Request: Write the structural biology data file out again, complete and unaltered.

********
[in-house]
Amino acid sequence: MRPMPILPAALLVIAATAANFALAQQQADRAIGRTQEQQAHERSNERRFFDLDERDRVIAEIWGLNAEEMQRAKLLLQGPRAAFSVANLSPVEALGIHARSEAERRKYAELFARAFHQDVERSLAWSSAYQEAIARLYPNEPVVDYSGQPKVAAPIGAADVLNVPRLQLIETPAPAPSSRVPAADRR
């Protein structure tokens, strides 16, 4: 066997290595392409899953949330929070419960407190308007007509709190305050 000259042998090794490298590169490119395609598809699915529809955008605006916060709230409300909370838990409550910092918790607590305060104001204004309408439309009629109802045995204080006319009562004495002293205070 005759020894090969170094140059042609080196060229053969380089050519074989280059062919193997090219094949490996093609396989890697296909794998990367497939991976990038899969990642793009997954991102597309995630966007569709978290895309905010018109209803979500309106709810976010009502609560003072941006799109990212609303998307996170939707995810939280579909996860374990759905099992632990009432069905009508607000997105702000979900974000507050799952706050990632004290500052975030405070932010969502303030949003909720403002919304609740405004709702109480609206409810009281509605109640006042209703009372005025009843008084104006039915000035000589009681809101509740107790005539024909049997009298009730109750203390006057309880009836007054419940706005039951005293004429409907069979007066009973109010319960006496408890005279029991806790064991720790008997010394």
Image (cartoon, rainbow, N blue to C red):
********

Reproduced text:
[in-house]
Amino acid sequence: MRPMPILPAALLVIAATAANFALAQQQADRAIGRTQEQQAHERSNERRFFDLDERDRVIAEIWGLNAEEMQRAKLLLQGPRAAFSVANLSPVEALGIHARSEAERRKYAELFARAFHQDVERSLAWSSAYQEAIARLYPNEPVVDYSGQPKVAAPIGAADVLNVPRLQLIETPAPAPSSRVPAADRR
């Protein structure tokens, strides 16, 4: 066997290595392409899953949330929070419960407190308007007509709190305050 000259042998090794490298590169490119395609598809699915529809955008605006916060709230409300909370838990409550910092918790607590305060104001204004309408439309009629109802045995204080006319009562004495002293205070 005759020894090969170094140059042609080196060229053969380089050519074989280059062919193997090219094949490996093609396989890697296909794998990367497939991976990038899969990642793009997954991102597309995630966007569709978290895309905010018109209803979500309106709810976010009502609560003072941006799109990212609303998307996170939707995810939280579909996860374990759905099992632990009432069905009508607000997105702000979900974000507050799952706050990632004290500052975030405070932010969502303030949003909720403002919304609740405004709702109480609206409810009281509605109640006042209703009372005025009843008084104006039915000035000589009681809101509740107790005539024909049997009298009730109750203390006057309880009836007054419940706005039951005293004429409907069979007066009973109010319960006496408890005279029991806790064991720790008997010394």
Image (cartoon, rainbow, N blue to C red):